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James Williams says it's time scientists and mathematicians got together to experience each other's methods of teaching maths and identify common needs

Haven't you done that in maths yet?" I wonder how many times a science teacher has been caught with that phrase on their lips when hurriedly checking what has or has not been covered with their maths counterparts.

The extreme pressure that was brought on by the overcrowded national curriculum and the several major revisions that we have had to cope with has not left time for many schools to communicate their ideas and develop effective cross-curricular links between the two subjects.

Apart from the practicalities of coming to grips with your own subject area revisions, how many people have been able to keep up with the revisions in another area? There has been intense debate over the science and maths orders and the need to ensure that they deliver what is wanted. But, deliver what, to whom and for whom?

The "to whom" is easy: the pupils. But, as a head of science I have a particular view on "what" needs to be delivered. I could be controversial and state that really I consider mathematics as a service subject and it should be there to service the sciences. Pupils should be taught the skills that we, as scientists, want them to have. I would not dare to do this. Mathematics is not a service subject to science any more than science is a service subject to technology. The problem that we have to overcome is the context in which the mathematics is taught and how that mathematics is to be used in science.

The transference of skills from maths to science is often poor. As I read through the new maths order, I realise that a lot of the skills I would like my pupils to have should be taught - transformation of formulae, graphing skills, basic statistics, estimation. Where I believe we are falling down is in helping pupils to see the uses for the skills they acquire in maths in new and different contexts, in particular in science. This is an essential role of education. Our job is to see that it takes place.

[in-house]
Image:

The new maths order do give us mathematics for science in the same way as the science order also equips pupils with skills that they could use, say, in technology. I believe we have seen our role in education change over the past 10 years from being teachers to "learning facilitators". We help children to learn and show them how the skills that they learn can and should be applied to different situations.

The key to the transference of skills from mathematics to science is in the way in which those two curriculum areas interact. As scientists we must get away from thinking that maths is still theorems, proofs and repetitive tasks in formula rearrangement, drawing triangles and calculating angles and recognise that the maths now requires pupils to use numbers and recognise number patterns, handle data, perform algebra in a meaningful way and use and apply mathematics. If anything these skills should be of more use to us than the rote learning of theorems and proofs of theorems of the past.